Yesterday there was a meeting of the group’s Joint Technical Committee, which predicts supply & demand ahead of the ministerial meetings. They cut their forecast for the market surplus in Q1 by about 25% to 1.4mn b/d, saying that they see only a “mild and short-lived” impact from the omicron variant.
Since they didn’t refrain from hiking production last month and this month they cut their forecast for the market surplus in Q1, I think it’s pretty likely that they raise output by the scheduled 400k b/d again today. With Brent now 15% higher than it was the day before their last meeting (on Dec. 2nd), it’s clear that the market is in short supply. Brent rose 50% during 2021 so even if it’s down from its October high they can be pretty happy with what they’ve accomplished.
As for the indicators, we already discussed German retail sales and Swiss consumer prices yesterday.
German unemployment is expected to fall a bit, but not enough to make the unemployment rate budge. Or maybe the participation rate goes up. In any case I don’t think this will be exciting enough to get people buying or selling EUR today.
UK mortgage approvals are forecast to decline further. The forecast 66.0k approvals would still be a touch higher than the 65.4k average for 2018-2019, which is pretty astonishing considering the house-buying boom that occurred thanks to the Stamp Duty holiday from July 2020 to end-September 2021. I wouldn’t be surprised to see approvals fall further over the coming months. In 2018 there were 781k mortgages (adding up the seasonally adjusted and 789k in 2019; assuming the November forecast is correct, that will make 873k so far in 2021 and there’s still one month left in the year. So I don’t think a decline says anything about the health of the housing market, just that a lot of purchases got brought forward and now there’s likely to be some backsliding.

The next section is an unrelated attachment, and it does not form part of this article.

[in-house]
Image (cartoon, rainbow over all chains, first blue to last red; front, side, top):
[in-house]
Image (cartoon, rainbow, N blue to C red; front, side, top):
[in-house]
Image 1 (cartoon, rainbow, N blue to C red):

We usually get the Institute of Supply Management (ISM) version of the manufacturing purchasing managers’ index (PMI) on the same day that the final Markit version comes out, but not this month.The ISM version is expected to fall slightly, which wouldn’t be a surprise given that the Markit version declined 0.6 point over the month.